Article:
Вы находитесь на странице: 1из 15

Disorders of


Prof. J.T. Anim
Department of Pathology
 Growth:- increase in size and mass from
synthesis of tissue components
• Multiplicative: - increase in numbers (mitoses)
• Auxetic: - increase in size of individual cells
• Accretionary: - increase in intercellular
components eg. bone
 Differentiation
• Development of overt specialised morphology and or
function which distinguishes from parent cell
 Morphogenesis
• Development of structural shape and form of organs
etc. from primitive cell masses during embryogenesis
(co-ordination of growth and differentiation as well as
programmed cell death – apoptosis)
 Cell turnover
• Balance between cell proliferation and cell death
(proliferation > cell death in foetus; decreases in adult)
Disorders of Differentiation and
 Congenital: - chromosomal (3-5%); non-chromosomal
• Whole chromosomes
• Autosomal: Trisomy 21 (Down), 18 (Edward), 13 (Patau)
• Sex chromosomes: Klinefelter (47XXY), Turner (45X0)
• Parts of chromosomes
• Cri-du-chat syndrome (46XX, 5p- or 46XY, 5p)
• Single gene alterations
• 80-85% familial; 15-20% new mutations
Abnormalities of Organogenesis
 Agenesis:- Failure of development of an organ or structure
• Failure to develop ureteric bud (blastema) – Renal agenesis
• Thymic agenesis – Di George syndrome
• Defect in neural tube - anencephaly
 Atresia: - Failure of development of lumen in a normally tubular epithelial atructure

Esophageal atresia with or without tracheo-espohageal fistula; biliary atresia,
urethral atresia
 Hypoplasia: - Failure of development of normal size of organ
• May affect only part of the organ eg. kidney
 Maldifferentiation: - Failure of normal differentiation of an organ – often
retains primitive atructures
• Kidney (renal dysplasia) – abnormal metanephric differentiation
 Ectopia and heterotopia: - Small areas of mature tissue from one organ
which are present within another tissue
• Gastric or pancreatic tissue in Meckel’s diverticulum; Endometriosis in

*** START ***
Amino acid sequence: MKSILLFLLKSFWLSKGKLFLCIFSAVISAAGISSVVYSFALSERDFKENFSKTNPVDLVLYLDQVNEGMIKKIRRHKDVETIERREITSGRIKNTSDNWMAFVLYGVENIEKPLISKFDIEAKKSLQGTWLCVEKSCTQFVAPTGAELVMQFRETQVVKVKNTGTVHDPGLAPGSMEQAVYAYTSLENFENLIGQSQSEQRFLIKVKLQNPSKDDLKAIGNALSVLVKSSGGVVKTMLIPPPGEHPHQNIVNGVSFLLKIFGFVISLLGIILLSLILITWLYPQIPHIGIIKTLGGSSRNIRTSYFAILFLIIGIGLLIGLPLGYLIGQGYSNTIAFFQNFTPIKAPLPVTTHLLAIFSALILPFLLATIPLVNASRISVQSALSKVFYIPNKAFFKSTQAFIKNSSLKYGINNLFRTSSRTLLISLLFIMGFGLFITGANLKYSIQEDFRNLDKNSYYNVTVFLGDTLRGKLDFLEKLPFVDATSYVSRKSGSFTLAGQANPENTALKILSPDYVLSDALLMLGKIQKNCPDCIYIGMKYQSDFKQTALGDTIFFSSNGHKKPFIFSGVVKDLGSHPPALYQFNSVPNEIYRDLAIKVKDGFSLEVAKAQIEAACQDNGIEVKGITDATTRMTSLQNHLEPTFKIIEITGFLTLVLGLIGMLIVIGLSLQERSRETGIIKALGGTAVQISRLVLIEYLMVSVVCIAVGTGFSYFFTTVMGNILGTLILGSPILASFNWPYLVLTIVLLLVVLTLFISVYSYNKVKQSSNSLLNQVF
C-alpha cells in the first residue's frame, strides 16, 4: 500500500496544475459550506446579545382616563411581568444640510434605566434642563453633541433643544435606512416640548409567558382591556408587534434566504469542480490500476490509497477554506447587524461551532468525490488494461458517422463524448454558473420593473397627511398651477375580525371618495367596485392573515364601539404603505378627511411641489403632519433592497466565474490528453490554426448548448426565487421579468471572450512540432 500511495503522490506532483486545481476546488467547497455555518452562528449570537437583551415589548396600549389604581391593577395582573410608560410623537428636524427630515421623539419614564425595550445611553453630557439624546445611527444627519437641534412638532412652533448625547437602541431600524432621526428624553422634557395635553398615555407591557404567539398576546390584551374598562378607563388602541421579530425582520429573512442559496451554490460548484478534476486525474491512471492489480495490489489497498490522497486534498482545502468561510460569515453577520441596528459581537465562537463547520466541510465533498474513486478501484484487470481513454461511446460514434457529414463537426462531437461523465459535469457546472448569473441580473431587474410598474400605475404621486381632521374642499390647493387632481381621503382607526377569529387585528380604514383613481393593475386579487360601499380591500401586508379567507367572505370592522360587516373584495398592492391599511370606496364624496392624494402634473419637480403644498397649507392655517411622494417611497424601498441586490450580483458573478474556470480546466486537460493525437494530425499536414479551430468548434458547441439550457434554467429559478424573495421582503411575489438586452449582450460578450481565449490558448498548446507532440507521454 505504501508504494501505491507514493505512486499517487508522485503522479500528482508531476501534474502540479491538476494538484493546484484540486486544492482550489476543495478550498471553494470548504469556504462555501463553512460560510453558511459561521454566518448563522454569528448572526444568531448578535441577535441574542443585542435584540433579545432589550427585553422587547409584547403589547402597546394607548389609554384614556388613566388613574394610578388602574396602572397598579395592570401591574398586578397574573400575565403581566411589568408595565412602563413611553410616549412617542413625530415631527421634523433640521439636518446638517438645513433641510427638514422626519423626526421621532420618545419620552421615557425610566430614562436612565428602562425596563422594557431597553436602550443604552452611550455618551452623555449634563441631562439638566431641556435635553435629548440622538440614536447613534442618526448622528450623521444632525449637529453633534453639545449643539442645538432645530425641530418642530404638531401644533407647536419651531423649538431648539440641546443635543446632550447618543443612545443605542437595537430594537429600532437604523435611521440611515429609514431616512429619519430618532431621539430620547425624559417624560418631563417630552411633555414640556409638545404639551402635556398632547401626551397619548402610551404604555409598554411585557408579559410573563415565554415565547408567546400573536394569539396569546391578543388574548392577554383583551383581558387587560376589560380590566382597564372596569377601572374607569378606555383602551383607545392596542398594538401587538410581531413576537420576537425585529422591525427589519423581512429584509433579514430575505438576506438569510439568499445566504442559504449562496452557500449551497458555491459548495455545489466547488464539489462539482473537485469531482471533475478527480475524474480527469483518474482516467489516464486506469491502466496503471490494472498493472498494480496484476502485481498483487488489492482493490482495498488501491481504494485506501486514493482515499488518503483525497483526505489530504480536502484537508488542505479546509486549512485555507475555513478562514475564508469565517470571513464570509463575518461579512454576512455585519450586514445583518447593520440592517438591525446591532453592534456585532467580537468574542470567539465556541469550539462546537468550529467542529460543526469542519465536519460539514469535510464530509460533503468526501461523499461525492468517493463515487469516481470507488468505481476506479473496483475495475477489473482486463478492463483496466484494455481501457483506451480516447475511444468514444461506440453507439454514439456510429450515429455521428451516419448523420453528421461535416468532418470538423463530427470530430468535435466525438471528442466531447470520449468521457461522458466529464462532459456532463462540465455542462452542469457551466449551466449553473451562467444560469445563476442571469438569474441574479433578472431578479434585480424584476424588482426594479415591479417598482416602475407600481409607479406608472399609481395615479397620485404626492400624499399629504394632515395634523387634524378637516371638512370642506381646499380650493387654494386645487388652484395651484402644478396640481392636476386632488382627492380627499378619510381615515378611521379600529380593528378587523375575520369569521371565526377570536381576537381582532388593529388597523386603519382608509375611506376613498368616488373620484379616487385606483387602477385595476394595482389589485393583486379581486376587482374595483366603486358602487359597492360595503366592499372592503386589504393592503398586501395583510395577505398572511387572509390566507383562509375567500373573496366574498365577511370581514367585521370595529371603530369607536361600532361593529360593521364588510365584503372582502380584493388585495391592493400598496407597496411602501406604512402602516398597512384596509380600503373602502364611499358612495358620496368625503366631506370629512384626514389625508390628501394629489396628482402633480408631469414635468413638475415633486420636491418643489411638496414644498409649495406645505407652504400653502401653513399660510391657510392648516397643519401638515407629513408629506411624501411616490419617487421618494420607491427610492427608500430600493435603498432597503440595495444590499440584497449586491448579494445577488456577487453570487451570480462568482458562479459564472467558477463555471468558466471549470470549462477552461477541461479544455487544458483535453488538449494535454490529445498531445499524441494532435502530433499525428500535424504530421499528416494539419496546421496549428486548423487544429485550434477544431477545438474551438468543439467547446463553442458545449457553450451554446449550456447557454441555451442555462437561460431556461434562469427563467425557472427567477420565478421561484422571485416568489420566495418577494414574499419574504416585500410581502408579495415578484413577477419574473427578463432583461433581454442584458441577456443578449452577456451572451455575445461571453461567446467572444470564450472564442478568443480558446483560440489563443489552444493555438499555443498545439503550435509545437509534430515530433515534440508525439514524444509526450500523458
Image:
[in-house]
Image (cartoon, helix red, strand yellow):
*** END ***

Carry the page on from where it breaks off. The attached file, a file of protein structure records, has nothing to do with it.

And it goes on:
Abnormalities of Organogenesis
• Embryo division abnormalities: Incomplete separation
(siamese twins)
• Failure of cell and organ migration – undescended testis,
Hirschsprung’s disease, situs inversus
• Failure of fusion (dysraphia) – spina bifida, cleft palate
• Failure of separation – webbed digits (syndactyly)
• Failure of involution – thyroglossal cyst
• Failure of organ to move from site of development
(dystopia) eg. pelvic kidney, undescended testis
Acquired Disorders of
Differentiation and Growth
 Metaplasia (transdifferentiation)
• Reversible transformation of one type of terminally
differentiated cell into another fully differentiated cell type
• Squamous metaplasia in bronchi or urinary bladder
• Gastric cardiac epithelium in esophagus – reflux esophagitis
• Mesenchymal tissue eg. bone in soft tissue
 Dysplasia (atypical hyperplasia)
• A premalignant condition characterised by increased cell
growth, presence of cellular atypia and altered
 Neoplasia (new growth)
• Abnormal tissue mass showing excessive growth that is
uncoordinated with that of normal tissue and persists after
removal of inducing stimulus
Control of Differentiation
 Genetic control
• Genes are switched on and off to control synthesis of
gene products
• Transcription – controlling formation of RNA
• Transport – controlling export of mRNA from nucleus to
ribosomes in cytoplasm
• Translation – controlling formation of gene products
• Degradation – controlling destabilisation of some
mRNAs in cytoplasm
• Control of protein activity (sequestration/inactivation)
Control of Differentiation

Master control gene


Control gene

Some switched on and off
Control of Differentiation
 Cell determination – the determined cell must:
• have differences which are heritable from one cell
generation to another
• be committed and commit their progeny to specialised
• change its internal character, not merely its
 Cells may be determined but not differentiated
eg. stem cells of bone marrow, basal cells of
Control of Differentiation
 Organs contain multiple distinct populations of
cells which originate separately, but later
 Differentiation in one cell may be controlled by
another – induction
• Mesoderm + ectoderm → neural tube
• Mesoderm + ectoderm → skin and appendages
• Ureteric bud (mesonephric) induces metanephric
blastema → kidney
 Inductive phenomena may also occur in cell